How does one begin to describe the past two days? How does one begin to explain the thoughts, the emotional turmoil, the pain? We can’t. We can’t tell you how we are doing. We can’t tell you how we are feeling or coping because we don’t know. We don’t have any real idea how we are functioning at this point.
We woke up on a typical Tuesday morning. It was sunny and bright, and the forecast said warm temperatures. We weren’t excited about that. We knew there were still fires burning close by. Yet we had confidence that things would be contained soon. We went to work; we went about our morning.
I am a Grade 6 teacher at a public school. Our day went about as usual. Students went out for recess. There was little to no smoke in the air. Then it was 1:00 p.m., and it all changed. From one side of the school you could see the fire, the smouldering orange colour that will forever be etched in my brain. We knew then that things were bad. The river that we thought was working as a barrier couldn’t stop the flames from crossing.
I tried to remain as calm as I could. Twenty-five faces were looking at me with worry. We carried on with our lesson. I had to just keep teaching. Parents began coming to pick up students early. One by one they were called to the office. Next was the organized chaos of dismissal, frantic parents coming in for their children, who likely still didn’t understand the severity of anything. Buses that would normally take students home were stuck in gridlock.
Tears and worry flooded the hallway. I said “goodbye” and “be safe.” And they were gone. Just like that. We all went our separate ways. My heart aches for those sweet kids and their families.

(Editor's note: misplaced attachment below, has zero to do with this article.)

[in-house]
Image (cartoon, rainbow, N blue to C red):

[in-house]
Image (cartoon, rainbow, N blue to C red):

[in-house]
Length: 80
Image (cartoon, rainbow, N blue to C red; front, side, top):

There’s a sense of relief knowing everybody is safe. And we’re beyond thankful for that. Beyond thankful for being with family or friends and having a place to stay.
Then what? We wait. We wait to hear about our homes. We wait to hear about our community.
We watch the news in complete horror. To us it isn’t news. To us it is an ongoing horror film that just won’t shut off. Something that continues to haunt us with every minute the flames continue to burn.
We wait ... for what seems like increasingly devastating news. We wait ... to hear if our city will have anything left standing. We wait ... to figure out what our next step is. We wait ... to attempt to make sense of what is happening to us.
I am currently seven months pregnant with our first child. We had his room ready. We had everything we could prepared for his arrival. I stood in his room before we left. Helpless. I just said goodbye. Not to the things ... those are just things. I said goodbye to the life we had, the life I thought we would welcome him into. I said goodbye to everything we knew and worked so hard for.
We said goodbye and now we wait ... with zero idea what we are waiting for.
I have faith that we will all be fine, and I know how resilient the people of Fort McMurray are. We put up with bullies daily. But nothing like this bully, Mother Nature. However, I have no doubt everyone will come out on the other side.
How? We’re not sure yet. But we thank you for your help. It is comforting to know that you are with us and thinking of us. Our firefighters, RCMP and all emergency workers are to be commended for their tireless efforts. Our thoughts are with them. Our hearts are with them until the end.
Our world is shaken and broken. The unknown is a dark cloud of misery. We will wait for it to subside.
Thank you for waiting with us. Thank you for helping in any way you can. The outpouring of love from family and friends, the calls, the messages, the support is what is keeping us going. We are all together in this. We will grow together more than apart. Even though it seems a million miles away right now ... we will all be OK. ❚
Justine Kelly is a Grade 6 teacher at Timberlea Public School in Fort McMurray.
This article was first published on May 5 on Kelly’s Facebook page.